The Ymir Watershed Action Team (YWAT) is taking their fight to protect their community’s only source of clean water currently threatened by a proposal to harvest timber in the watershed to Victoria Monday (October 23).
The Ymir Watershed Action Team, which includes Jason “J” Leuss, Ktunaxa LKB Councillor Jared Basil and YWAT team member Ernie Fidgeon, said this week the group is scheduled to meet with MLA’s about this critical situation.
“British Columbia Timber Sales (BCTS) are proposing to harvest timber in the Quartz Creek watershed. . ..This is our community’s only source of drinking and firefighting water," Leus explained.
"The BCTS proposal for the Ymir Community Watershed is unacceptable," Leus added.
"It is an affront to both business ethics and human rights. BCTS remain single minded in their plans to carve 5.6 km of new road, crossing tributaries to our supply, Quartz Creek, 45 times in an effort to access 36 hectares as “Phase I” of development within the watershed. Quartz Creek is a historically precarious source of drinking, household, and fire protection water for our small community.”
Ymir Watershed Action Team said in the early 2000’s the community searched for alternative sources to their fragile Quartz Creek system.
However, the search revealed no alternative sources as more were shown to be untreatable due to contaminants associated with early mining practices in the area.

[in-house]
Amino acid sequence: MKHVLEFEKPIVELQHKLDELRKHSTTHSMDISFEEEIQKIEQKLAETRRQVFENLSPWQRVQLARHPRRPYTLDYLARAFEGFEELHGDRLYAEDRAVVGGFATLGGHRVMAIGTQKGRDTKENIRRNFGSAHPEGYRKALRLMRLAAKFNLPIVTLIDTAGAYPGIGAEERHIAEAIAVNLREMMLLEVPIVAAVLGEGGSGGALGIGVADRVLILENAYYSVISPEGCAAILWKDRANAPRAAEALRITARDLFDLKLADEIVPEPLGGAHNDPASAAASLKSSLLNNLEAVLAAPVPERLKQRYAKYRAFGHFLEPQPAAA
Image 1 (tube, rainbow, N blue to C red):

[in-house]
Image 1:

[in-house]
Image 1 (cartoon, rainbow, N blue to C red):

This leaves Ymir with a watershed that is unusually small at six square kilometers, with a particularly fragile ecosystem and already runs at capacity to supply the community with water during low-flows.
YWAT has created broad community awareness and built a strong coalition, around this critical issue of small community water rights and supply.
YWAT already has garnered more than 5000 letters of support from community stakeholders as well as the unanimous support of the RDCK Area Directors, the Ktunaxa Band Council, local political leader Kim Charlesworth, and others.
Local MLA and Minister of Energy and Mines, Michelle Mungall, has also expressed support for the community's concerns.
“Ymir is pro-responsible logging, and anti-bad decision making," Leuss said.
"Which should be given priority: 36 hectares of timber and employment for four people for four months, or, water for 400 for life?”
“The decision about who has the control of water and community watersheds must be in the hands of the communities who depend on such systems for their livelihood and vitality,” he adds.